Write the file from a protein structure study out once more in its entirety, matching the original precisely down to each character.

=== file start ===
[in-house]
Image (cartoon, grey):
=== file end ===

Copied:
[in-house]
Image (cartoon, grey):